Second, we assimilated the research design by Van der Meij et al. [20], and could confirm that, even after a short training period of only 3 weeks, older L2 learners also manifested an N400 effect towards language switching from the newly learned L2 into their L1. Language switching appeared to require less effort with increased proficiency, suggesting that the lexicons of L1 and L2 had already started to become more closely linked, which confirms the theories of Abutalebi [60] and Cuppini et al. [61]. According to those theories, the L2 parasitizes its L1 equivalent at initial stages of L2 learning, and the two systems only become independent language systems again with highly advanced proficiency, thus indicating that integration processes of L1 and L2 change with the individual competence in the L2.

To sum up, our findings confirm that the human language system remains malleable even into old adulthood and appears to reflect the same electrophysiological mechanisms we observe in younger adults. The question that we plan to address in the future is not only how good older adults are at learning new languages, but also whether and to what extent language learning can be beneficial for an individual third age person (author(s), unpublished data).


The data presented in this study are not without limitations. Even though our findings constitute an important first step towards understanding the neurophysiological mechanisms underlying L2 learning in old adulthood, the present design only reports on differences between pre- and post-training data, largely ignoring the learning process occurring between the two. Thus, in order to understand the individual L2 learning trajectories, dense longitudinal studies extending over longer periods would be required to allow inferences about whether beta1 power is more predictive of L2 development at specific stages of the learning process, for example. Accordingly, here we only report findings from a group of older L2 beginners, and even though these findings are theoretically compatible with those of Van der Meij et al. [20], future studies will have to show whether the differences between our findings pertain solely to differences in L2 proficiency, or alternatively to differences in age, training type, sample size, and language tests etc. We did not include a younger control group in the present study because our focus was on individual differences within the population of older learners themselves. We judged that differences between this group and a younger control group would be of little informational value, as it would be impossible to answer whether such differences occurred due to the degenerative processes of aging itself or to experientially determined differences in neurobiology and cognition. Accordingly, here we focused on individual variability in the ability to acquire a new language in third age and do not make any claims as to whether the observed effects are specific to language learning itself. We therefore also refrained from including an age-matched control group. Given our purely correlational design, however, it should be noted that we cannot rule out that some participants may have experienced fatigue or decreased motivation as a result of the intensive L2 training, which may have influenced their state of wakefulness, attention and/or effort during the EEG recordings. Therefore, future studies may benefit from including socio-affective measures and course feedback in their study design.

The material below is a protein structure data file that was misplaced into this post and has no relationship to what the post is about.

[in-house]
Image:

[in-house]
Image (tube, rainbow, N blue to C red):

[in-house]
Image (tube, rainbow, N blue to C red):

Finally, the sample size in this pilot study was constrained to enable the instructor to attend to each learner’s questions and needs, especially because the extent of interindividual differences was unclear beforehand. Therefore, we interpret our results with caution and plan to replicate them in a more comprehensive study that is currently being conducted in our lab.


We would like to express our gratitude to Allison Christen for proof reading an earlier version of this manuscript, and to the URPP “Dynamics of Healthy Aging” for providing the required infrastructure throughout all phases of the project.


This research did not receive any specific grant from funding agencies in the public, commercial, or not-for-profit sectors.


The data that support the findings of this study are available from the corresponding author, MK, upon reasonable request.


None to declare.



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Table ST1

Correlations between raw resting-state EEG and L2 development replicating Prat et al. [16, 17]

Networkrs95 % CI
A. Medial frontal
theta (4–7.5 Hz)0.680.120.96
alpha (8–12.5 Hz)0.05–0.580.61
beta1 (13–14.5 Hz)0.37–0.380.90
beta2 (15–17.5 Hz)0.36–0.350.87
beta3 (18–29.5 Hz)0.20–0.620.77
gamma (30–40 Hz)–0.45–0.950.37
B. Left frontotemporal
theta (4–7.5 Hz)0.36–0.420.85
alpha (8–12.5 Hz)0.20–0.520.73
beta1 (13–14.5 Hz)0.61–0.150.96
beta2 (15–17.5 Hz)0.48–0.360.92
beta3 (18–29.5 Hz)0.13–0.660.78
gamma (30–40 Hz)–0.43–0.870.37
C. Right frontotemporal
theta (4–7.5 Hz)0.39–0.400.87
alpha (8–12.5 Hz)0.26–0.430.81
beta1 (13–14.5 Hz)0.28–0.620.91
beta2 (15–17.5 Hz)0.30–0.430.86
beta3 (18–29.5 Hz)0.03–0.720.68
gamma (30–40 Hz)–0.24–0.680.44
D. Left posterior
theta (4–7.5 Hz)0.18–0.590.80
alpha (8–12.5 Hz)–0.01–0.660.64
beta1 (13–14.5 Hz)0.26–0.580.86
beta2 (15–17.5 Hz)0.21–0.620.86
beta3 (18–29.5 Hz)0.20–0.780.75
gamma (30–40 Hz)–0.41–0.950.42
E. Right posterior
theta (4–7.5 Hz)–0.15–0.690.63
alpha (8–12.5 Hz)–0.20–0.670.42
beta1 (13–14.5 Hz)0.14–0.690.81
beta2 (15–17.5 Hz)–0.02–0.730.73
beta3 (18–29.5 Hz)–0.12–0.920.79
gamma (30–40 Hz)–0.45–0.910.25

Note: Confidence intervals that do not include zero are marked bold.